This week, the East Timorese Nobel Peace Prize winner, Dr. Jose Ramos Horta appealed to the Timor-Leste government to accept the Rohingya refugees, who are stranded in rickety boats off the coasts of Indonesia, Malaysia and Thailand.
Dr. Ramos Horta said "I propose that Timor-Leste welcomes the 100 to 1,000 Rohingya refugees from Myanmar, over a period of up to 10 years; they would be settled in regions like Laklubar and Soibada, very quiet and relatively under-populated and with cooler climate".
According to him, extending support and solidarity to the Rohingya refugees "is a unique historical opportunity for Timor-Leste to affirm itself as a People attached to the values of human solidarity, morality and ethics".
Indeed, since gaining independence in 2002, Timor-Leste has ratified a significant number of human rights and humanitarian treaties, including the 1949 Geneva Conventions and their 1977 Additional Protocols, as well as conventions on refugees.
Key amongst these is Article (1) of the United Nations Convention and Protocol relating to the Status of Refugees. It asserts that a person is deemed a refugee if there is "a well-founded fear of being persecuted for reasons of race, religion, nationality, membership of a particular social group or political opinion, is outside the country of his nationality and is unable or, owing to such fear, is unwilling to avail himself of the protection of that country".
Being a party to the conventions on refugees, one would undoubtedly argue that Timor-Leste is legally bound under international law to protect the Rohingya refugees. First, they are genuine refugees and fleeing persecutions on the basis of their ethnicity and religion. Second, there are strong indications that they will be persecuted, tortured and subsequently killed if repatriated back to Burma.
Despite the aforementioned claims, welcoming the Rohingya refugees, as suggested by Dr. Ramos Horta, is unviable due to the following reasons.
First, currently the economic conditions of Timor-Leste are not suitable for the Rohingya refugees. Timor-Leste is one of the least developed countries in Asia with high youth unemployment. The International Labour Organization (ILO) report 2013claims that while every year between 15,000–between 20,000 young people enter the labour market, only 14.6% is employed in the formal sector. The reminder is employed in informal sectors, such as subsistence farming, crafting and other seasonal works.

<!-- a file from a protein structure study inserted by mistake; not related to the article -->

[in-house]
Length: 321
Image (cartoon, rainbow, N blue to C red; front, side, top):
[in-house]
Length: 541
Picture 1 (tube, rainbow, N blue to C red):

Likewise, the report points out that around 70% of the population of Timor–Leste resides in the rural areas where poverty is high compared to that in the urban centres. The report, subsequently, concludes that most poor communities are now living in rural areas, with many of them having no access to modern infrastructures such as roads, housings, markets, schools, hospitals, and other social services. These pervasive problems, in turn, have contributed to undermining the country's power to draw in foreign investment that is critical for economic development.
Therefore, it can be argued that if Timor-Leste did accept the Rohingya refugees, it would certainly generate social tensions between the new arrivals and the locals over social benefits and entitlements. If the antagonistic attitudes are not handled properly, it could lead to a surge in violence and subsequently descend the country into chaos.
Second, since gaining independence in 2002, Timor-Leste has made a substantial contribution to the humanitarian causes around the world. Even though being an oil dependent country, over the last ten years, successive governments have generously committed over half a billion dollars to solving humanitarian crisis worldwide. The money used to fund tsunami relief in Aceh, recent earthquake relief operation in Nepal, elections in Guinea-Bissau, peace talks in South Sudan and many others. This act of solidarity will remain so for the next few decades to come.
In spite of those contributions, Timor-Leste remains fragile and has enormous development challenges ahead. Among them include the need to boost economic growth in order to reduce unemployment and poverty; invest in health and education; address transnational crimes such as money laundering, drug smuggling, drug trafficking; promote gender equality; enhance environmental sustainability and others. Though Timor-Leste is morally bound to solve the refugee crisis, for the time being it should not be seen as a matter of priority.